HIPPOMACHUS. Pythagoras stole that and all his other opinions from Asia and Egypt. The transmigration of the soul and the vegetable diet are derived from India. I met a Brachman in Sogdiana-

    CALLICLES. All nonsense!

    CHARICLEA. What think you, Alcibiades?

    ALCIBIADES. I think that, if the doctrine be true, your spirit will be transfused into one of the doves who carry (Homer's Odyssey, xii. .) ambrosia to the gods or verses to the mistresses of poets. Do you remember Anacreon's lines? How should you like such an office?

    CHARICLEA. If I were to be your dove, Alcibiades, and you would treat me as Anacreon treated his, and let me nestle in your breast and drink from your cup, I would submit even to carry your love-letters to other ladies. CALLICLES. What, in the name of Jupiter, is the use of all these speculations about death? Socrates once (See the close of Plato's Gorgias.) lectured me upon it the best part of a day. I have hated the sight of him ever since. Such things may suit an old sophist when he is fasting; but in the midst of wine and music-

    HIPPOMACHUS. I differ from you. The enlightened Egyptians bring skeletons into their banquets, in order to remind their guests to make the most of their life while they have it.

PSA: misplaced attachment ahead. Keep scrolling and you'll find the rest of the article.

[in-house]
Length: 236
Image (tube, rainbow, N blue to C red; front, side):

CALLICLES. I want neither skeleton nor sophist to teach me that lesson. More wine, I pray you, and less wisdom. If you must believe something which you never can know, why not be contented with the long stories about the other world which are told us when we are initiated at the Eleusinian mysteries? (The scene which follows is founded upon history. Thucydides tells us, in his sixth book, that about this time Alcibiades was suspected of having assisted at a mock celebration of these famous mysteries. It was the opinion of the vulgar among the Athenians that extraordinary privileges were granted in the other world to alt who had been initiated.)

    CHARICLEA. And what are those stories?

    ALCIBIADES. Are not you initiated, Chariclea?

    CHARICLEA. No; my mother was a Lydian, a barbarian; and therefore-

    ALCIBIADES. I understand. Now the curse of Venus on the fools who made so hateful a law! Speusippus, does not your friend Euripides (The right of Euripides to this line is somewhat disputable. See Aristophanes; Plutus, .) say